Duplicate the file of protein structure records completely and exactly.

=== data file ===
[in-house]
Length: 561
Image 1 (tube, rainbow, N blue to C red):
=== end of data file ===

[in-house]
Length: 561
Image 1 (tube, rainbow, N blue to C red):